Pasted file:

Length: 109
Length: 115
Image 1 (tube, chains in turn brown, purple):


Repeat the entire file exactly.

Length: 109
Length: 115
Image 1 (tube, chains in turn brown, purple):